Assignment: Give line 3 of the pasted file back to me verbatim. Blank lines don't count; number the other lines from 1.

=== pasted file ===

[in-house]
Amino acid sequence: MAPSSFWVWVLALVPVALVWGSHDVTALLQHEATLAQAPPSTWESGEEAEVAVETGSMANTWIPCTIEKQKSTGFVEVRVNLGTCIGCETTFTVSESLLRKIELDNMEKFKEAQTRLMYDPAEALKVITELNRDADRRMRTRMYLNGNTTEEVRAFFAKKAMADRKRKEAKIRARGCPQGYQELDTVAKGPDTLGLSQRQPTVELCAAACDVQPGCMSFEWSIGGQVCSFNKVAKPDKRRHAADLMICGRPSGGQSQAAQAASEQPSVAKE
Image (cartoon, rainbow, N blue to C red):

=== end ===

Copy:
Image (cartoon, rainbow, N blue to C red):